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She was a well respected teacher with a patient, caring nature

By Black Country Bugle  |  Posted: April 07, 2014

  • A youthful Roy Langford

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FOR many of us our school days must seem a lifetime away, a period in our lives that had its good days, its bad days, when we learnt a lot, played a lot, made friends, and possibly fell in love for the first time.

Then there were the teachers who stood at the front of the class, pointing at things written on the blackboard, telling us off for speaking, checking that homework was handed in on time, but hopefully, even though we may not have appreciated it at the time, helping to guide us in the right direction for the rest of our lives.

And of the many teachers who may have taught us there is always one we remember who brought out the best in us, an individual we liked, looked up to and respected above all others, and Roy Langford from Tividale has been reminiscing on this very same subject, but we have to go back to last year for Roy to begin his tale:

"Well over 12 months ago in Bugle 1041 I was looking back at my old school days from 1946 to 1950 at the Blue Coat Secondary Modern School in Bean Road, Dudley, and recalled being down graded after the first year at senior school from an A class to a B class.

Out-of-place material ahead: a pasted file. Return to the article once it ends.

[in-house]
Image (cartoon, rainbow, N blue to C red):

"I can't remember whether I was mortified by this relegation or just took it in my stride and accepted that I wasn't the brightest academic student the school had ever had, probably the latter. But my lack of ability was a blessing in disguise because it brought me into contact with someone I can only describe as my academic saviour, Miss E. Collier of Form 2B.

"She was patient, caring and kind, and guided my dormant educational skills towards a level where I was able to flourish, and thanks to her I finished second out of a class of 35 after taking the end of summer term exams in July 1948.

"In my article from last year I asked Bugle readers if they could remember Miss Collier and whether there was a picture of her somewhere. Sadly no memories or photographs were forthcoming. But then one day, thumbing through an old copy of Blocksidge's Dudley Almanack for 1949, I was stunned to find a miniature photograph of my very own Miss Collier.

"What a stroke of luck, and immediately the memories came tumbling back. The Almanack stated she had just been appointed President of Dudley National Union of Teachers on February 21, and at the time of the appointment her teaching career had evidently taken a leap forward because she was listed as headmistress at the Priory Nursery School in Limes Road, Dudley.

"This of course meant that within seven months of guiding me through those all important, confidence boosting exams, she had left the Blue Coat School. I must admit I was surprised to find she had left a senior school, where she seemed suited to teach young teenagers, to become head at a nursery school. But this fact didn't diminish what she had done for me and I'm over the moon to have found an image of her, even though it's of poor quality. Nevertheless, it gives me another opportunity to ask Bugle readers if they remember Miss Collier, and now I have a photograph to help my appeal.

It would be terrific to locate other Dudleians who remember Miss Collier from the Blue Coat School. Also, if you have any fond memories of a teacher from your time at school who made a positive difference in your life, please let us know here at Bugle House. Phone 01384 567678 or email editor@blackcountrybugle.co.uk. Alternatively send us your memories by post to Black Country Bugle, Bugle House, 41 High Street, Cradley Heath, B64 5HL.

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